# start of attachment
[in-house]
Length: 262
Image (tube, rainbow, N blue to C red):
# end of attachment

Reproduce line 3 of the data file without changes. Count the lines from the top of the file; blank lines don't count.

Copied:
Image (tube, rainbow, N blue to C red):